Posted on 6 August 2009 | 2 responses
“Another Harvest Moon,” a just completed independent theatrical film starring some of Hollywood’s most beloved, award-winning veteran actors, will have its world premiere at the Rhode Island International Film Festival on August 7, with most of the principal cast attending.
This is the 199th film in the continuing career of 92-year-old Oscar® and BAFTA® winner Ernest Borgnine (”Marty”), who will be in Rhode Island to receive a Lifetime Achievement Award.
While he’s there, he took a tour of Naval Station Newport, where he received training before entering World War II. Ernie gets a chance to check out the training facilities and students and even to try his hand at piloting the impressive ship simulator at the Surface Warfare Officers School. Watch Providence Journal video by Sandor Bodo
CLICK HERE TO SEE ERNIE AT THE NAVAL BASE.
Posted on 21 July 2009 | 3 responses
Ernest Borgnine was the guest of honor Saturday night at the Italian-American Chamber of Commerce’s 102nd annual gala dinner.
The 92- year- old actor is the recipient of the organization’s 2009 humanitarian award. He was honored not just for his long acting career, but also for his service in the U.S. military during World War II.
Chicago’s own Dennis Farina presented Borgnine with the award.
Posted on 20 July 2009 | 4 responses
Ernest Borgnine is the 21st performer to nab a guest acting nod for an appearance on “ER.” He appeared in both Episode 19 – “Old Times” – as well as the series finale – “And in the End” – as a loving husband dealing with the death of his wife (Beverly Polcyn) after a long illness. Over the first 14 seasons, 13 actors – including last year’s nominee Stanley Tucci – have earned Emmy noms for guesting.
Ernie won his only Oscar bid as best actor in best pic winner “Marty” in 1955. He also won the Golden Globe (drama) award as well as the BAFTA foreign actor honor for that role. However, he lost his previous two Emmy bids. In 1963, he got a nod in the expansive lead actor in a series category for the laffer “McHale’s Navy” but lost to E.G. Marshall, star of the legal drama “The Defenders.” And in 1980, Borgnine was bested in his bid for best supporting actor in a limited series or special for “All Quiet on the Western Front” by George Grizzard in “The Oldest Living Graduate.”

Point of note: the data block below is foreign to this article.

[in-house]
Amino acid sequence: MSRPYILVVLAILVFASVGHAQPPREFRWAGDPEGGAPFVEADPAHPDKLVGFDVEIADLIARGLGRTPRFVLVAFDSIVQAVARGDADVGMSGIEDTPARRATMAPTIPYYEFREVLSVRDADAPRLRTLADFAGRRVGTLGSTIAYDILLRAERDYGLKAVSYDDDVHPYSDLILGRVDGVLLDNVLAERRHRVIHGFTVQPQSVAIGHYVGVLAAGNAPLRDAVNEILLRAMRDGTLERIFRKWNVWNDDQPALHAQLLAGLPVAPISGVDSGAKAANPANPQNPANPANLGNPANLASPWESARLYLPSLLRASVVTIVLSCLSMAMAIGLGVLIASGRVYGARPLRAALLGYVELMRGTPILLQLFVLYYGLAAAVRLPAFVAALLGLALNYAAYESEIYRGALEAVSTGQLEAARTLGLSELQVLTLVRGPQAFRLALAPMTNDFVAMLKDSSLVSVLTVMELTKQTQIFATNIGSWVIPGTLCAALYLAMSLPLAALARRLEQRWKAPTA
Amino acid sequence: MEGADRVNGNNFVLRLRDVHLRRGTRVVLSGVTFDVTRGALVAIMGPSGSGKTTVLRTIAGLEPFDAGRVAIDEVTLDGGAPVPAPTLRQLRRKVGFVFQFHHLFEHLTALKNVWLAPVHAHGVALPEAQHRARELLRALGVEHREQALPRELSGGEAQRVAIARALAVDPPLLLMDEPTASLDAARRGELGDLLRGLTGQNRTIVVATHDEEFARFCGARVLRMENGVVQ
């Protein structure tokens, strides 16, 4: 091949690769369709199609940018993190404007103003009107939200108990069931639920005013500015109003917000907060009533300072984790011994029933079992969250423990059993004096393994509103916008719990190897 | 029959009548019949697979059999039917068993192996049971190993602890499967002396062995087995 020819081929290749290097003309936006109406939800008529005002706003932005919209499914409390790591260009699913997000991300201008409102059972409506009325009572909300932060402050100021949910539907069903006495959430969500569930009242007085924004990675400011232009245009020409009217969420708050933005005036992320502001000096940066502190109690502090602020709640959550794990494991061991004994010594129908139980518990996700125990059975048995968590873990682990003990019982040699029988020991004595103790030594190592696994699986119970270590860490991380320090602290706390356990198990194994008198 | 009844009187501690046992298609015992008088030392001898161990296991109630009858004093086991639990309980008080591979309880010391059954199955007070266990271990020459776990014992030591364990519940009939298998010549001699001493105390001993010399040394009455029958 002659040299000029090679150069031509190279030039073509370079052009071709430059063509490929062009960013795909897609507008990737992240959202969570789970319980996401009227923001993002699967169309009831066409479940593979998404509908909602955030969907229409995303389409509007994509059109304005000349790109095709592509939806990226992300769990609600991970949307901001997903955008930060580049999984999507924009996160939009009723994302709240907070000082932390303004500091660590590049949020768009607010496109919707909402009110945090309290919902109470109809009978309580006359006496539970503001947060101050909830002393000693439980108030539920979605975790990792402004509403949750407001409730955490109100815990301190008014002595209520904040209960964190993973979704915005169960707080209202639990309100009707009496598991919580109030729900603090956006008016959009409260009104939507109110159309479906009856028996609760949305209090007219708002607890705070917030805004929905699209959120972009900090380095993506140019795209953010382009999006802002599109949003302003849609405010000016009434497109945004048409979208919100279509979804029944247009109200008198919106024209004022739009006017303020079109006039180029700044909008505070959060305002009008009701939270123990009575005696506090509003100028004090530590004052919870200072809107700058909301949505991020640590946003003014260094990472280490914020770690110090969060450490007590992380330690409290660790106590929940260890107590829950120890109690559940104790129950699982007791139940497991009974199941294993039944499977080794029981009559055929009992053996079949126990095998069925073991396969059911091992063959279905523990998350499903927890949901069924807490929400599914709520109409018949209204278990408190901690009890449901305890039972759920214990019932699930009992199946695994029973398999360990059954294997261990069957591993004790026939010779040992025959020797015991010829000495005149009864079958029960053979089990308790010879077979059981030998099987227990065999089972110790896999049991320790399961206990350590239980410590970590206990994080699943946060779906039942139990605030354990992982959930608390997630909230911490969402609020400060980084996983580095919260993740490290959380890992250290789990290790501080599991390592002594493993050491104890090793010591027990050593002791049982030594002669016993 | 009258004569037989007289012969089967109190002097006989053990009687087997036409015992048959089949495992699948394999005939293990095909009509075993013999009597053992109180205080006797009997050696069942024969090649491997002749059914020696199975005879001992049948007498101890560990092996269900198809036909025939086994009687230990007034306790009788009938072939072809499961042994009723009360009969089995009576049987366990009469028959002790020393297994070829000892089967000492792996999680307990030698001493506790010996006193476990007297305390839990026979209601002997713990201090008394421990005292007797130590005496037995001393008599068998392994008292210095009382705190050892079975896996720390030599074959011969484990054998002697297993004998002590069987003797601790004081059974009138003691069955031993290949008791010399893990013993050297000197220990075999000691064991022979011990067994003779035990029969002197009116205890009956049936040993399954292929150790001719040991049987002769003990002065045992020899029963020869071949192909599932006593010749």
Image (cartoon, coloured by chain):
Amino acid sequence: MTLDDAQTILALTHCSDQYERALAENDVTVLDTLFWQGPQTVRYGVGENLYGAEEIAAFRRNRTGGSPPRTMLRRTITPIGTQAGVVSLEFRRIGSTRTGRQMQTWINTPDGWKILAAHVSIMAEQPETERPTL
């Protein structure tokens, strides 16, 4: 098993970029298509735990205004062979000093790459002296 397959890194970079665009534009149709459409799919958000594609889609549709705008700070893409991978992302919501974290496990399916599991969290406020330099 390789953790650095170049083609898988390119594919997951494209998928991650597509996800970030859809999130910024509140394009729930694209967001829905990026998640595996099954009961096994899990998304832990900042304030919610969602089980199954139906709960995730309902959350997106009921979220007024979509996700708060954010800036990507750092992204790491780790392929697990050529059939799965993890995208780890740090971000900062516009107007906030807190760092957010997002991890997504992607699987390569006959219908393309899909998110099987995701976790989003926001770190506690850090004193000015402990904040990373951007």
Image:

We all have our fingers crossed and expect big things at the ceremony.
Posted on 8 July 2009 | 1 response
This was piece was directed by Academy Award winner Sean Penn who chose Ernie personally for this role, The film 9-11-01 was an incredible concept of 9 directors 11 min 1 sec running time for each of the 9 directors. Ernie gives an absolute incredible performance and shows he still has that Oscar touch!
Posted on 8 July 2009 | 1 response
Posted on 3 July 2009 | Comments Off
Oscar-winner Borgnine reflects on a career spanning six decades and totaling more than 190 film and television roles. After a nomadic childhood (Connecticut to Chicago to Italy), Borgnine, born in 1917, returned to Connecticut for high school. Following 10 years in the navy, he studied drama at Hartford’s Randall School and began acting at Virginia’s Barter Theater, advancing to live TV and Broadway roles. His striking performance as the sadistic Fatso in From Here to Eternity (1953) catapulted his career, and two years later he won an Academy Award for his portrayal of the lonely Bronx butcher in Paddy Chayefsky’s Marty. In the 1960s, he was reluctant to do a TV series until an encounter with a teen who recognized Borgnine but couldn’t name any of his films prompted the actor to immediately do the TV series McHale’s Navy. Summoning up on-set movie memories, Borgnine unleashes an arsenal of anecdotes, such as Joan Crawford’s hatred of Mercedes McCambridge: Joan thought she was mocking her… and she let fly a fusillade of insults like I’ve never heard, not even in the Navy. With astute observations on the Hollywood hierarchy and tales about everyone from Lee Marvin and Steve McQueen to Bette Davis and Kim Novak, he writes with an unassuming, no-nonsense tone. His love of filmmaking and his respect for his fellow actors permeates the pages of this engaging and satisfying memoir. (Aug.)
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